Monday, July 14, 2008

A Good Day...

...can begin in many different ways. It can begin with waking up from a sweet dream or the deepest, dreamless sleep you've had since statistics class in college. It can begin a bit later with tocino, fried egg, and fried rice, washed down with creamy, sugary brewed coffee. It can begin still a bit later, on the way to meet a friend, in a cab being driven by a most curious fellow.

I didn't get his name. I neither needed nor wanted it. It was going to be like any other cab ride. The driver, as far as I was concerned, needed only to keep quiet as he wove his way from Katipunan to North Avenue. Conversation was not a requirement, especially not if it covered the oft-repeated Cab Driver's Lament: "Gas is up; my profit's down. Want to give me 150 pesos for a 75 peso ride?"

But somewhere along C.P. Garcia, Cabbie and I started the most wonderful, insightful discussion about Psychology, its uses and applications, the implications of imposing psychological knowledge and metaphor--with its assumptions of self and individualism--on local communities, its stand on the question of God, and what makes it different from fortune-telling.

Cabbie asked the following questions, questions that not all psychologists ask themselves. He asked, "Meron po ba talagang natutulong yang counseling na hindi ko makukuha kung magkekwento lang ako sa kaibigan ko?" In English and in slightly more academic terms, this question translates to "How does the therapeutic relationship differ from, and how is it better than, an ordinary friendship?"

Cabbie asked, "Ang mga tulad niyo po bang psychologist naniniwala sa Diyos?" ("Do psychologists believe in God?")

Cabbie also asked, "Ano po ang pagkakaiba ng ginagawa ninyo sa ginagawa ng manghuhula?" ("What makes your work different from what a fortune teller does?")

Cabbie asked many other related, and pertinent, questions which all got me thinking about my work and its place in the grand idea of supposed helping. I told Cabbie that those were good questions he was asking. And he said that he was just like me, curious and full of questions, and that his job is the best because it gives him the opportunity to talk to different kinds of people.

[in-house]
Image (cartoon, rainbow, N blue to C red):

Cabbie and I parted ways at the SM Hypermart. I went on to meet my friend. And my good day continued to Binondo where said friend Muriel, I, and two other friends, Angela and Belen, went on a WOKing tour of the place, courtesy of Old Manila Walks.

For 850 pesos (of which Muriel and I only paid 500, thanks to good ol' Len's generosity), we got to sample the various gastronomic fare that Chinatown offers. We had thick chocolate e at a stall that sells 10 tableas for only 58 pesos (unsweetened), which is around 30 pesos cheaper than in supermarkets. Then we had Fookien/Hokkien fried rice, fishball soup, and iced brewed coffee at Cafe Mezzanine. After that, we walked to a small eatery owned by a BS couple, as in Bagong Salta (or newly arrived/migrated), and were served steamed pork-kinchay and shrimp dumplings and this fluffy, crispy fried pancakes stuffed with meat and veggies. Then we had chicken egg preserved in tea a couple of streets away. And after that, fried siopao. The last stop was at a lumpia house in an art deco building, where we ate a meat and veggie lumpia with the chewiest wrap and lots of mung bean sprouts, carrots, minced pork, shrimps, green onions, etc.

For pasalubong, I bought 3 kinds of hopia (which means "good cookie" because, of course, when you eat hopia, you can't help but say, "This is good cookie!") and authentic kikiam. Not that fake stuff we buy off the streets at 10 pesos per 3 tiny pieces. No, this is the real stuff, with the wrinkly wrap made of soy and the minced pork and veggie with no extenders. I got my first taste of authentic kikiam (and I know I'm not calling it by its correct name, but I forgot) when I was around 5 years old. I think it was at a food fair organized by our church. Or something. I just remember these huge white tents and all these stalls serving different kinds of food. I remember nothing else of what I ate, save for the kikiam drenched in sweet peanut sauce. It always does my heart glad to revisit food memories. I can't wait to have my first taste of original Chinese kikiam and see if it really is the stuff that makes 5-year-olds eat, savor, dream, and remember.

A good day ends in as many different ways as it started. It can end with going home, stomach and mind full, to sisters who await your arrival. As mine did.